There have been no posts for the last week or so as I've been away on yet another holiday, but kept in touch with affairs through a daily readying of the Guardian. (I used to regards not reading the daily paper as part of any holiday, but now that they've hooked me onto their voucher system I feel that, since I've paid for it, I need to get my moneys-worth.)
Last Saturday an article by Jonathan Freedland warned Labour that they needed to speak "in a language people actually use." The same advice applies, in spades, to we Liberals.
Freedland isolates the "simple metaphors" which the Tories use and repeat ad nauseam so that, amplified through the megaphone of their supportive press, they become "received wisdom, even common sense" rather than "statement of political opinion" (or, in my view, downright lies), viz:-
- the Tories were "clearing up the mess left by Labour;"
- the previous government had " 'maxed out' [on] the nation's credit card;"
- Labour had failed to "mend the roof while the sun was shining;"
- Tories, by contrast, were "balancing the books" so that "we live within our means."
Even though they have so distorted recent history that they have conned their way back into government, the Tory deceptions still continue. George Osborne has introduced an "emergency" budget. What emergency? Why was it necessary barely four months after his previous budget in which Britain, according to him, was “walking tall again” and in which he urged us to " go on working through the plan that is delivering for [us]”?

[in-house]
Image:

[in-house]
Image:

By another sleight of hand he has renamed the minimum wage the "living wage" giving the illusion that he has adopted one of Labour's policies. His measure is actually only a minor improvement on the existing minimum wage, and has no connection with true living wage as calculated by the Living Wage foundation.
If we are to put an end to this nonsense in five years' time the left as a whole needs to develop a suitable vocabulary.
We Liberal Democrats are probably even more addicted than Labour to abstract nouns: liberty, justice, internationalism, participation, engagement, devolution, partnership, democracy, community, constitutional reform, etc etc.
Once we have defined what it is we still stand for, and that is the first task for our new leader Tim Farron, our communications experts, if we still have any, need to put their minds to explaining our vision of society in a language which resonates with the ordinary household. In this sphere, to adapt a phrase from history, we must "catch the Tories bathing and steal their clothes